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I have to agree with Mirod on this one to some extent: translating the language itself isn't that important and probably would be for the worse.

1) The English is easy, and utilizes basic gramatical constructs found in most (probably all) languages. This at least applies to your basic things like Use, If, While, etc... There's only a couple dozen key words in most languages that can be picked up quickly, and (speculation) probably the majority who has access to computers have had at least some exposure to English (/speculation).

2) More complex commands often don't even make sense in English. My strongest example is map. Hell, that one's so confusing at first you may be at an advantage by not having predefined concepts of what it should do! ;)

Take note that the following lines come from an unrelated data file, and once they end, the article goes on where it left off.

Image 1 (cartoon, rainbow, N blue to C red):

3) Imagine if you couldn't read/maintain code except from your own country. (I believe this is really the big important one.)

4) The character set might be an issue, but:

  • The cyrillic character set is closely related
  • I believe all asian countries use the Latin character set to type anyway because they have too many letters (even just the phonetic ones (I base this on my Japanese experience, YMMV)).
  • India's second language is English.
  • This covers damn near everybody. ;)

    As for documentation, the Japanese take a mandatory 4 years or so of English, and the average person has little hope of tackling a technical manual. Moreover, programmers are generally bad with langauges, and I wouldn't want to force quite that much English on anyone.


    In reply to Re: Re: International Perl Resources by Lexicon
    in thread International Perl Resources by Lexicon

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